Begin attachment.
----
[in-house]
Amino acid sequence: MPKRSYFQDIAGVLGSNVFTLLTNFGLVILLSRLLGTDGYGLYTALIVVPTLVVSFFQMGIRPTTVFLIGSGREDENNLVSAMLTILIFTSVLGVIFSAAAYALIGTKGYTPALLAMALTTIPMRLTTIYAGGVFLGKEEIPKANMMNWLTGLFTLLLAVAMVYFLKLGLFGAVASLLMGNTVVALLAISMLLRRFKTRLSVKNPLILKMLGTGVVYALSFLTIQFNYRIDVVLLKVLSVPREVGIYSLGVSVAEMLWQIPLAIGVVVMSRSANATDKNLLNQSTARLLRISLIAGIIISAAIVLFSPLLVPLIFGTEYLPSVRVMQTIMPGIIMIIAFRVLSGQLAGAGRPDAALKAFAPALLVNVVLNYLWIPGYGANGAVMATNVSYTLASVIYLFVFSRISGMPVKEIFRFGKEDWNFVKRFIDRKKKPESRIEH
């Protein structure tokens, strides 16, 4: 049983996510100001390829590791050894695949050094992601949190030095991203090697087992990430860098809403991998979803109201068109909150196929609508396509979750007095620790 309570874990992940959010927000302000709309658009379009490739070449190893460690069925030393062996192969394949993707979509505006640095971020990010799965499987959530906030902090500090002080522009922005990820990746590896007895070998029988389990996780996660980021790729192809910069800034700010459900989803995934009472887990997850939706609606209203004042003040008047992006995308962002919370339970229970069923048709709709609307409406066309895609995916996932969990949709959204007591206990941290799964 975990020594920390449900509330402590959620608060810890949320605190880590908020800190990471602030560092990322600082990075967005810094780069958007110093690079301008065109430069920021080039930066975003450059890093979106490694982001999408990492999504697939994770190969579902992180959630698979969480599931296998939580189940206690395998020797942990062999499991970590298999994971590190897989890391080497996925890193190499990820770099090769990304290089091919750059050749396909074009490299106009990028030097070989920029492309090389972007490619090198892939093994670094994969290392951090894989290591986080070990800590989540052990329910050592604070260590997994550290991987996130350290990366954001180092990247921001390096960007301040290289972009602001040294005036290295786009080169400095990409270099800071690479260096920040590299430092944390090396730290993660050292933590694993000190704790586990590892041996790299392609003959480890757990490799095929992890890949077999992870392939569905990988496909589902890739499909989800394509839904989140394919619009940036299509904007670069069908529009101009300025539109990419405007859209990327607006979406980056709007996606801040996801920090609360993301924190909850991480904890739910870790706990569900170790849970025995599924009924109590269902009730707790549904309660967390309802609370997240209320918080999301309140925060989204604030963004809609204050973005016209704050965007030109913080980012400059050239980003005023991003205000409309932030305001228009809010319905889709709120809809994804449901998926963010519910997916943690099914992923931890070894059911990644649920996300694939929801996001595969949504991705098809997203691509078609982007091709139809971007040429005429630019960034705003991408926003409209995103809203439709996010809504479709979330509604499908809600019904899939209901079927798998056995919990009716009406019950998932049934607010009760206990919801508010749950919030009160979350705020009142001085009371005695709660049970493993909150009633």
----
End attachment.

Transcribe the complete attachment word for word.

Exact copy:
[in-house]
Amino acid sequence: MPKRSYFQDIAGVLGSNVFTLLTNFGLVILLSRLLGTDGYGLYTALIVVPTLVVSFFQMGIRPTTVFLIGSGREDENNLVSAMLTILIFTSVLGVIFSAAAYALIGTKGYTPALLAMALTTIPMRLTTIYAGGVFLGKEEIPKANMMNWLTGLFTLLLAVAMVYFLKLGLFGAVASLLMGNTVVALLAISMLLRRFKTRLSVKNPLILKMLGTGVVYALSFLTIQFNYRIDVVLLKVLSVPREVGIYSLGVSVAEMLWQIPLAIGVVVMSRSANATDKNLLNQSTARLLRISLIAGIIISAAIVLFSPLLVPLIFGTEYLPSVRVMQTIMPGIIMIIAFRVLSGQLAGAGRPDAALKAFAPALLVNVVLNYLWIPGYGANGAVMATNVSYTLASVIYLFVFSRISGMPVKEIFRFGKEDWNFVKRFIDRKKKPESRIEH
């Protein structure tokens, strides 16, 4: 049983996510100001390829590791050894695949050094992601949190030095991203090697087992990430860098809403991998979803109201068109909150196929609508396509979750007095620790 309570874990992940959010927000302000709309658009379009490739070449190893460690069925030393062996192969394949993707979509505006640095971020990010799965499987959530906030902090500090002080522009922005990820990746590896007895070998029988389990996780996660980021790729192809910069800034700010459900989803995934009472887990997850939706609606209203004042003040008047992006995308962002919370339970229970069923048709709709609307409406066309895609995916996932969990949709959204007591206990941290799964 975990020594920390449900509330402590959620608060810890949320605190880590908020800190990471602030560092990322600082990075967005810094780069958007110093690079301008065109430069920021080039930066975003450059890093979106490694982001999408990492999504697939994770190969579902992180959630698979969480599931296998939580189940206690395998020797942990062999499991970590298999994971590190897989890391080497996925890193190499990820770099090769990304290089091919750059050749396909074009490299106009990028030097070989920029492309090389972007490619090198892939093994670094994969290392951090894989290591986080070990800590989540052990329910050592604070260590997994550290991987996130350290990366954001180092990247921001390096960007301040290289972009602001040294005036290295786009080169400095990409270099800071690479260096920040590299430092944390090396730290993660050292933590694993000190704790586990590892041996790299392609003959480890757990490799095929992890890949077999992870392939569905990988496909589902890739499909989800394509839904989140394919619009940036299509904007670069069908529009101009300025539109990419405007859209990327607006979406980056709007996606801040996801920090609360993301924190909850991480904890739910870790706990569900170790849970025995599924009924109590269902009730707790549904309660967390309802609370997240209320918080999301309140925060989204604030963004809609204050973005016209704050965007030109913080980012400059050239980003005023991003205000409309932030305001228009809010319905889709709120809809994804449901998926963010519910997916943690099914992923931890070894059911990644649920996300694939929801996001595969949504991705098809997203691509078609982007091709139809971007040429005429630019960034705003991408926003409209995103809203439709996010809504479709979330509604499908809600019904899939209901079927798998056995919990009716009406019950998932049934607010009760206990919801508010749950919030009160979350705020009142001085009371005695709660049970493993909150009633």